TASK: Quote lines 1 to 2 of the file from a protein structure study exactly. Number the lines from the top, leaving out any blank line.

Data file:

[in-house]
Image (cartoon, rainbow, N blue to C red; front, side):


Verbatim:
[in-house]
Image (cartoon, rainbow, N blue to C red; front, side):